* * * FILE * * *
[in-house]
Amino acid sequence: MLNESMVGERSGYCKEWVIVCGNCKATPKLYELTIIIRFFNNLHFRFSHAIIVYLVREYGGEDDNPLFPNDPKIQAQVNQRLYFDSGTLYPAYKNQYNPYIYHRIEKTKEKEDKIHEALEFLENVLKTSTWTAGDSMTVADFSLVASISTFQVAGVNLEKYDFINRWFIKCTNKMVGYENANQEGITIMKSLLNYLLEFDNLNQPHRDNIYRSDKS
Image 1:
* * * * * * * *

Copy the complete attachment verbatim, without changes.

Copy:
[in-house]
Amino acid sequence: MLNESMVGERSGYCKEWVIVCGNCKATPKLYELTIIIRFFNNLHFRFSHAIIVYLVREYGGEDDNPLFPNDPKIQAQVNQRLYFDSGTLYPAYKNQYNPYIYHRIEKTKEKEDKIHEALEFLENVLKTSTWTAGDSMTVADFSLVASISTFQVAGVNLEKYDFINRWFIKCTNKMVGYENANQEGITIMKSLLNYLLEFDNLNQPHRDNIYRSDKS
Image 1: